March 27, 2021

A peep in the night

 What do you hear when you step outside after dark? Just yesterday I was thinking about the tiny peeper frogs that herald the arrival of spring and, lo and behold, last night I heard them singing for the first time in 2021. I think they are perhaps two or so weeks early, but I'm sure they know they're really right on time.

In the country, the sounds change with the seasons. Summer brings the sounds of noisy insects like cicadas and katydids, and the eerie bark of foxes. Autumn is the time when the little screech owls make their presence known as their calls join the rustling leaves. Winter’s sound is that of the cold wind whipping through the trees.  
And spring brings the chirping song of the tiny peeper frog.

It’s amazing such a tiny creature can create such a riotous cacophony of sound. They begin to sing as soon as whatever signal brings them out of their winter hibernation. One night, if you’re lucky, you’ll hear one or two crystal voices. Pause to enjoy it because the next time you hear the peepers, the sound will fill the night with such a din that identifying an individual voice is impossible.

In all my years I’ve not seen one of the nocturnal peepers. I don’t guess I ever will since I don’t plan to go out into the woods at night to locate their colony. (I'll leave that to the folks who took the picture.) But every year I step outside and listen because when the peepers sing, I know it is truly spring.

I dread the day I fear is coming when the peepers are no more. Our amphibians are threatened by the damage to and the shrinking of their habitat. We may be fortunate and become one of the few remaining enclaves for the peepers, salamanders, frogs, toads, and even the local reptile, the turtle. 

The night sounds are truly one of my favorite simple country pleasures. Nighttime in the country reveals, even as it conceals, a hidden kingdom. Long may it reign. 

The Lady of Holly Tree Manor

March 26, 2021

Cat and dog, dog and cat

A lot of my memories are tied to what dog I had at a particular time. There was Rebel, the dog of my childhood. Reba graced my teen years. Then there's a bit of a gap when I married for the first time and was absorbed in growing up. Then came the Callahan years - my companion after that first marriage ended and I lived without a human companion for many years. After Callahan, there's another short gap while I grieved the loss of a true and faithful friend. Life doesn't give you many of those, so treasure them. Then came the Jett years, and now we live in the time of Deuce. 

Ah, Deuce. Is it because he's with me now or because he IS so very special. He's far and away the most intelligent dog I've ever known. The philosophical may have to wait. 

Spring is finally here on the manor. It was above sixty degrees Fahrenheit when I arose at six o'clock this morning and that's a very good sign. I'll have to go outside after dark this evening and listen for the peeper frogs - the real harbingers of spring.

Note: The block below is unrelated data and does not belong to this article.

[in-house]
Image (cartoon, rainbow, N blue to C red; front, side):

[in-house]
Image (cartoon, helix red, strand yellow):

Regardless of the season, mornings with Deuce don't vary. I get up and let him out and back in, then shower and dress. Once dressed, he and I head out for a short morning stroll during which he completes his outside activities for the morning. Being a warm morning, Loki accompanied us today. 

Loki is a fine little feline who believes he's a lion or at least a big cat. He's not. At only ten pounds, he's the smallest cat I've ever owned. But he is the most ferocious. 

We stopped long enough for me to snap a couple of pictures of the daffodils and snowglories, and Deuce and Loki put on a little show for me. I would have filmed it had I know they were about to perform, but they gave me no warning. Who knew Loki would leap from his perch and the dog would run? For about ten paces, and then the game got switched and Loki ended up in a maple tree. It may not amuse a city dweller, but my boys having fun gave me a good laugh to start the day. 

Thank you, dog and cat. 

The Lady of Holly Tree Manor

March 24, 2021

A lighting upgrade

I think I'm fortunate in that even after almost forty years, I still like my little house in the woods. It's not a mansion by any stretch of the imagination, but it's MY manor house. I wonder what my grandparents would say if they knew I was still here, so many years after their passing. 

Like anyone who lives in a beloved house for a long time, after a while, some things start to wear on the eyes. In my case, it was a pair of light/fan fixtures in the dining room and kitchen. They were installed in the early nineties when ceiling fans were entering a revival and gold trim was everywhere. I've wanted to get an updated look for many years, but true to the Yankee side of the family, I thought it was foolish to spend the money to replace perfectly operational equipment. 

I had a "snapping" moment when I spotted a pendant light that was just what I wanted but didn't know that until I saw it.

One of the few renovations we've done was to remove the L-shaped bar between the kitchen and dining room and replace it with an island. I've always wanted a light above the island but didn't want to give up the custom pot rack we built for over it. A pendant light was always the solution but I never saw one I really liked enough to cut a hole in the drywall for - until now. And the bonus was finding a fan/light combo that matches.

The new fans and pendant light are in and I love the look. The darker finishes work perfectly with the granite counters. Taking down the pot rack so the brother-in-law could do the electrical work gave us a much-needed push to rearrange the pans and lids and run the crystal stemware through the dishwasher. Everything is back in place and shiny clean.